"About Us" is a series of interviews with accomplished self-advocates in Florida.
Shelby Stoner has been a disability advocate and educator since the age of six. Today, one of her passions is to help those in her community reach their fullest potential.
With more than 100 presentations under her belt, Shelby continues to speak on disability topics such as self-determination, assistive technology, and inclusion. Along with her work as a FL SAND Fellow, she is a vocational evaluation technician and employment specialist at The Grow Group, a nonprofit organization assisting Floridians with obtaining employment. She also has experience in behavioral intervention case management and working with people with traumatic brain injuries.
Shelby has a bachelor's degree in psychology from the University of South Florida - St. Petersburg and a master's degree in rehabilitation and mental health counseling. In her free time, Shelby enjoys going to baseball games, spending time at the beach, and going to Disney World. Her life philosophy is that her disability is not all of who she is, only a tiny part.
Question: When did you start to identify as a self-advocate and why?
Shelby: I began to identify as a self-advocate at the age of six. My father has been a disability advocate since I was born. I would often go with him to work functions out of care necessities. I would pipe up with comments here and there while tormenting my dad. As I matured, I realized I had a voice, and no one could tell my story better.
Question: Who or what has most inspired your advocacy journey?
Shelby: My journey to self-advocacy has been twofold. For as long as I can remember, my parents have been fundamental in helping me discover who I am. They always instilled that although I had a disability, I could do anything I put my mind to and that my disability was only a tiny part of me. My fierce determination and need to do things “my way” is another factor that has influenced my passion for self-advocacy. It is these messages that I strive to share with others.
Question: What advocacy related issue is the most significant to you?
Shelby: Freedom of choice is the most significant advocacy-related issue that has influenced my life. This along with passion for self-advocacy comprise the most basic form of self-empowerment.
Question: Can you share a time when your disability inspired a behavior or comment you found particularly obnoxious?
Shelby: My husband and I were Christmas shopping at Walmart. As we entered the store, a woman walked by us and said, “Boy, I wish I had one of those.” She was referring to our wheelchairs. I found this particularly offensive because she was just thinking about how comfortable it must be to sit all day. This is offensive because, in reality, sitting all day is uncomfortable. We contend with daily back pain, muscle soreness, and potential pressure sore development. We sit because we have to, not because we want to.
Question: If you could invite one person with a disability, living or dead, to have a conversation over coffee, who would it be?
Shelby: If I could have coffee with anyone with a disability, it would be Stephen Hawking. Dr. Hawking’s determination to live his life to its fullest potential, even at a very young age, is similar to mine. His contributions to the world are unparalleled.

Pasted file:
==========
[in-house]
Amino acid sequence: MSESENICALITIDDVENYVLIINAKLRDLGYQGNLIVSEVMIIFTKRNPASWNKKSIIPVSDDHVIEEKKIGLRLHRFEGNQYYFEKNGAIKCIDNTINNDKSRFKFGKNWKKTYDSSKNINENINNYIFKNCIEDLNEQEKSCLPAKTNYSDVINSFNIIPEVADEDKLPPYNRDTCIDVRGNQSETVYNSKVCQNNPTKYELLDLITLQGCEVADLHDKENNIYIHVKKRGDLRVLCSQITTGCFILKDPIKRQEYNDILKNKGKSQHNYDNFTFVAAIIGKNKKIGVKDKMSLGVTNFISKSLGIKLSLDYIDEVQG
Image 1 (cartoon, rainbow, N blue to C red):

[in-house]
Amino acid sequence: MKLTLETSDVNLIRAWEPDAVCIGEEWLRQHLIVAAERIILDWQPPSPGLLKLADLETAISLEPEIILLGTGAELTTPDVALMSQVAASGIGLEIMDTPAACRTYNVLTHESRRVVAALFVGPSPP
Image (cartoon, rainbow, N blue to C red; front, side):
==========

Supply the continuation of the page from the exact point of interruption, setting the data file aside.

Question: In 10 years, what would you most like to see change in the lives of persons with disabilities?
Shelby: I believe that a common misconception that society holds is that people with disabilities do not crave romantic relationships. This is the farthest fact from the truth. David and I have been married for almost a year. He also has cerebral palsy. Like any other couple, we've experienced the trials and tribulations of being newlyweds. With the loving support and assistance from our families and caregivers, we are living happily ever after.
Question: How important to your identity is being a person with a disability?
Shelby: My disability is one part of my identity. When meeting new people, I often say, ‘Hi, I'm Shelby. I'm a daughter, a sister, a wife, and a friend. I enjoy reading, spending time at the beach, and going to Disney World. I also have cerebral palsy.” I don't let my disability be the sole focus of my identity, as it is only a tiny part of what makes me who I am.
Question: What unique strengths have your disability given you or otherwise influenced your life?
Shelby: My disability has afforded me numerous strengths that I am grateful for. Persistence is the most significant. Persistence is critical in all aspects of life, particularly self-advocacy. As my father always taught me, “the harder you work, the luckier you get."
Question: Can you share a product, way to complete a task, or life hack that has made life with a disability easier?
Shelby: My power chair has been the most significant tool that has made my life easier. I began driving at the age of three. Independent power mobility has allowed me to experience typical developmental milestones and physical freedom. One of my earliest memories of being in a power chair occurred at four years old. I went outside to pout because I was upset I couldn't have candy before dinner. At first glance, this may not seem like a big deal, but for someone who relies on others for all physical aspects of their life, this small act of independence meant everything to me.
Question: Do you have a favorite quote that inspires you?
Shelby: Yes. “You cannot prevent the birds of sorrow from flying over your head, but you can prevent them from building nests in your hair.” ~Chinese proverb
The FSACentral staff would like to thank Shelby for taking the time to participate in the interview. Let us know what you think about "About Us" on Facebook. If you know an accomplished self-advocate in Florida you think we should showcase in "About Us," contact us here or via Facebook.